Long gone are the days of having to compile your own kernel in order to run the open-source operating system. Ubuntu, a free Linux distro from Canonical, provides a near Microsoft Windows-like experience for those new to Linux. We're reveiwing this particular Linux distro because PC manufacturer Dell now ships some new models with Ubuntu already installed. But before we extol its many virtues, we should note there are also steep trade-offs when using Ubuntu. Linux is not Windows, nor is it Mac. Programs written for those other operating systems will not run under Ubuntu. Instead, be prepared to abandon your Microsoft applications in favor of equally fine although less well-known open-source products such as OpenOffice (included within Ubuntu), Evolution (e-mail), and Ekiga (VoIP). That said, some popular software, like Firefox and Opera, are written for Linux as well. If you only use your computer to check e-mail, surf the Web, and maybe view the occasional YouTube video, and are program agnostic, Ubuntu might be just right for you. And if you're an advanced computer user, by all means, try Ubuntu; Linux is designed for you. But if you're an average computer user who is partial to a specific applications, say, Apple iTunes, GarageBand, or Adobe Photoshop, then you'll need to pass for now. In general, we came away impressed with the Ubuntu package. For a free operating system, Ubuntu 7.04 is solid and extensible, although not without fault.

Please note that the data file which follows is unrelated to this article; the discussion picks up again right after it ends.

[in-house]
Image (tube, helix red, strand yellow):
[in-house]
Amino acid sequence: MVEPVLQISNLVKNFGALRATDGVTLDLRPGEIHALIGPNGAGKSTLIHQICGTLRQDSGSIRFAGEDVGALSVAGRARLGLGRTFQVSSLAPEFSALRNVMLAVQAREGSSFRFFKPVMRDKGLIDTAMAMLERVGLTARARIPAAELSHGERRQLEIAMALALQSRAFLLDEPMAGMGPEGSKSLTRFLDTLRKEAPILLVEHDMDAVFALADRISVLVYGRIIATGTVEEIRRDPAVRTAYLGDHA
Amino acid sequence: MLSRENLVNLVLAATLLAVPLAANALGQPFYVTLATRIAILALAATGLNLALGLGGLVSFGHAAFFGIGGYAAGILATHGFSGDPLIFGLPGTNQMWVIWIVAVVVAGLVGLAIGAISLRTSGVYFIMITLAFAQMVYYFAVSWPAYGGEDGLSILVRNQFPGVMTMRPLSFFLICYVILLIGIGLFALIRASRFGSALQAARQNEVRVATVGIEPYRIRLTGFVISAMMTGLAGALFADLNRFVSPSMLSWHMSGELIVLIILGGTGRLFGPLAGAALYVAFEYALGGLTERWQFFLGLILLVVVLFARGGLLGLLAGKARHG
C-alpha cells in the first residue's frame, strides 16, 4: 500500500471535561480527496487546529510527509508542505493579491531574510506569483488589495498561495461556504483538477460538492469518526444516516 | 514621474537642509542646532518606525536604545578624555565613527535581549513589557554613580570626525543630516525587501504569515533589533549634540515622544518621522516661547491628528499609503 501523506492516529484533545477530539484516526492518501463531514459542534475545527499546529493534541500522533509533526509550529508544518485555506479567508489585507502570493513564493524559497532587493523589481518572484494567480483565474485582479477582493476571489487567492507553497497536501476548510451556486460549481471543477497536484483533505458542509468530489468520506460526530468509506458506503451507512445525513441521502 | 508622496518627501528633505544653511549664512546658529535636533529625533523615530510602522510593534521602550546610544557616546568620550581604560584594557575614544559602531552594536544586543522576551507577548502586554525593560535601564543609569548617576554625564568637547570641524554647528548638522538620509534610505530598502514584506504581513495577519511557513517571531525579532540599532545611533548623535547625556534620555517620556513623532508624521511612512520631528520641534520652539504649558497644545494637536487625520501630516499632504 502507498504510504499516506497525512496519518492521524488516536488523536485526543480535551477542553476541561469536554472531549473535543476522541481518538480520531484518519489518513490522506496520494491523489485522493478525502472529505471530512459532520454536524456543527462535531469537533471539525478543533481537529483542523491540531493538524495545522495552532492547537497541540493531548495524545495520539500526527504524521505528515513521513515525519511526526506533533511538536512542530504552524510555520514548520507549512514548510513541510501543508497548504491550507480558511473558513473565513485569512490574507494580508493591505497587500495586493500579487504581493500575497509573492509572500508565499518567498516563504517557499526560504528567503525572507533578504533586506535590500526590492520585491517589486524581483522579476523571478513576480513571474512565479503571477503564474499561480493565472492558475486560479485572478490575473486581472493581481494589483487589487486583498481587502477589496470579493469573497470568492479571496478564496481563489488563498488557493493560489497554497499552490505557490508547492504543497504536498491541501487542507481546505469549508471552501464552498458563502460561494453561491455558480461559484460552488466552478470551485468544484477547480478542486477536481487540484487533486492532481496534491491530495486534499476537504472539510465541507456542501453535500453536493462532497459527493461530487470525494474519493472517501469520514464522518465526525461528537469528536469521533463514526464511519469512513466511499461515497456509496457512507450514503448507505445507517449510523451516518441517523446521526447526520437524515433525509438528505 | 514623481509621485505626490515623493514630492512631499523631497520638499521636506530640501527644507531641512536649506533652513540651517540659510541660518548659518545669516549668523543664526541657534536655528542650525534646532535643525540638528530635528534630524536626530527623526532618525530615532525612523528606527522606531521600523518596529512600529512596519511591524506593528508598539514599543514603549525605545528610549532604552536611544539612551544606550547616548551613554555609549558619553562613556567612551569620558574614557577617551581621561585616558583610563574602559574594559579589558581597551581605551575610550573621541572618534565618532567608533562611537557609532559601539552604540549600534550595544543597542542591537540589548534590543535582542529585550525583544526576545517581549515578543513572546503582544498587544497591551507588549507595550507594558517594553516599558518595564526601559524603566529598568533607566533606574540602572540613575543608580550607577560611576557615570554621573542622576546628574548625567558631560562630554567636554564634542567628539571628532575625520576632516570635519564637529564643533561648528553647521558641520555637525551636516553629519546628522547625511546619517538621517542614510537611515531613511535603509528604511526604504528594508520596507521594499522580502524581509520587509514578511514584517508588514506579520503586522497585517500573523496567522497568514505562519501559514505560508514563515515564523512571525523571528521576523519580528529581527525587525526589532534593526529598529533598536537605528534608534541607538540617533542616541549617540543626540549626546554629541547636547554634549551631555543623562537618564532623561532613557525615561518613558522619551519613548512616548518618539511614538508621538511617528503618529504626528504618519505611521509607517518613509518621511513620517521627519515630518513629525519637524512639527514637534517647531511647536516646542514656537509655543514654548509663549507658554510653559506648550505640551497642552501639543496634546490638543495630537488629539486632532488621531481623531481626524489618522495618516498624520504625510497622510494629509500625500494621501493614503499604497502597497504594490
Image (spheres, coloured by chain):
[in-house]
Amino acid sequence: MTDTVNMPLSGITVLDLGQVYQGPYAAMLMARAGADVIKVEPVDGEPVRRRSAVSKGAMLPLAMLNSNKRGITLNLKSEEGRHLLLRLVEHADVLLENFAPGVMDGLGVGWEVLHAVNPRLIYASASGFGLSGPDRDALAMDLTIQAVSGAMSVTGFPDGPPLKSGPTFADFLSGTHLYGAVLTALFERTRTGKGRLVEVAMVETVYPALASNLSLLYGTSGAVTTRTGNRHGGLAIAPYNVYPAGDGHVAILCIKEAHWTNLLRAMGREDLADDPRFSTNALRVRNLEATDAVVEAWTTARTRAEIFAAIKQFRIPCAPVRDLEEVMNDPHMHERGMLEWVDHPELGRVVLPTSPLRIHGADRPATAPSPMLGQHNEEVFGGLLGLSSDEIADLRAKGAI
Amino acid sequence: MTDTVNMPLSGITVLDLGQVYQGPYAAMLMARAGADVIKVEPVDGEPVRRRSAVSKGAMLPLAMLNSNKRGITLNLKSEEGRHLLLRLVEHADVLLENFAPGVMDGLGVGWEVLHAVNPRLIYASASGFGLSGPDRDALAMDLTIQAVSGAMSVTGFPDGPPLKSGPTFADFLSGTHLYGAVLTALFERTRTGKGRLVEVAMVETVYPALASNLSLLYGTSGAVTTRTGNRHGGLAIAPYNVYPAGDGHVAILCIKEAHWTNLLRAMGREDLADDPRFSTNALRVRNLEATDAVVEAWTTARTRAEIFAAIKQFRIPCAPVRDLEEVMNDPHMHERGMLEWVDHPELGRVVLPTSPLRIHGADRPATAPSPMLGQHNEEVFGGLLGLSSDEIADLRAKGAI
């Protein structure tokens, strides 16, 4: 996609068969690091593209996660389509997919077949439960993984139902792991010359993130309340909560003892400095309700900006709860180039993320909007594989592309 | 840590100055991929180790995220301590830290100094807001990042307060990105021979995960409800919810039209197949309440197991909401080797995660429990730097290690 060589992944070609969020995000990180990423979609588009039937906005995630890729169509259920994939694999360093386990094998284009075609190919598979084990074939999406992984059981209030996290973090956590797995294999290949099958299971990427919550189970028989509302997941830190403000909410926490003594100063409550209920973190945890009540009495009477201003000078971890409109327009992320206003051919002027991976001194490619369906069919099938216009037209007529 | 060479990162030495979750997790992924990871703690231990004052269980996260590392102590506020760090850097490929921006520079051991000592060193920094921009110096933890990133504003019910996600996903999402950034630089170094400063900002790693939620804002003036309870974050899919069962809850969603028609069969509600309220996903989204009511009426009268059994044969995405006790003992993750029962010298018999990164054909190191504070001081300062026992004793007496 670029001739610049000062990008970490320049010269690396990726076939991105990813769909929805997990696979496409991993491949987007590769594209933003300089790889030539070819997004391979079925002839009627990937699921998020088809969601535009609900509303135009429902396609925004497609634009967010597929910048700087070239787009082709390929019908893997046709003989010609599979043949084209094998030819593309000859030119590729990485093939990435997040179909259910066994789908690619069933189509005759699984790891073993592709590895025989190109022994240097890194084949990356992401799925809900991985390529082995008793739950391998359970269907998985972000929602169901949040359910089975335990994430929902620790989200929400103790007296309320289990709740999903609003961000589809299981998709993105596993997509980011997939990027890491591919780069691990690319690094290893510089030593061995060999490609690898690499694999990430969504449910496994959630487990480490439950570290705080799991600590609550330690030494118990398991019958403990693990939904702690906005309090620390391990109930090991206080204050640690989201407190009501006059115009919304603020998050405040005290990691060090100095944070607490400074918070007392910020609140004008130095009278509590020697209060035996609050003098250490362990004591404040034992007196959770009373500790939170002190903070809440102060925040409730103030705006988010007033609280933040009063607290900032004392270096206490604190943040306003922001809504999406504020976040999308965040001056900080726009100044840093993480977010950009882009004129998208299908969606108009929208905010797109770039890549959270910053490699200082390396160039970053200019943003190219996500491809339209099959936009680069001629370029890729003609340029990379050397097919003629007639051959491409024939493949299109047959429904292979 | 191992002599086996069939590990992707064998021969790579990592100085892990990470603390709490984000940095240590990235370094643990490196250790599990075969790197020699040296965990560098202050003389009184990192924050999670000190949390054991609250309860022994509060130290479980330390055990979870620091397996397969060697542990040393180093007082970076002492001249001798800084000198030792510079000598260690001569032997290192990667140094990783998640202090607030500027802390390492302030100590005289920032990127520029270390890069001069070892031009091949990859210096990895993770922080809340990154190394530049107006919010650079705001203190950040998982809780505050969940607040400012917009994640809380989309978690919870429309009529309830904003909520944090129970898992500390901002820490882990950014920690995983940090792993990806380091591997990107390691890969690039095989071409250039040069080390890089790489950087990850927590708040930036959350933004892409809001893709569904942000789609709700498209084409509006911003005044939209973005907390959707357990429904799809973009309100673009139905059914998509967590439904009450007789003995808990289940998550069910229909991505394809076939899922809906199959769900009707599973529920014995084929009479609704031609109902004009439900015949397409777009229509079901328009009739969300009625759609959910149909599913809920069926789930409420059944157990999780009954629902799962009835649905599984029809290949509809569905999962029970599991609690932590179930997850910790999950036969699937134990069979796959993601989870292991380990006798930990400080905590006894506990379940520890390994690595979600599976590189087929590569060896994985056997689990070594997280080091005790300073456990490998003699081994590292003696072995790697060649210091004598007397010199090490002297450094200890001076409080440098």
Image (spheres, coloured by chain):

When installing a new operating system, especially on an existing Windows machine, we recommend first running a disk partition program such as Norton PartitionMagic. On a Mac OS X system, we recommend using a virtual system such as Parallels.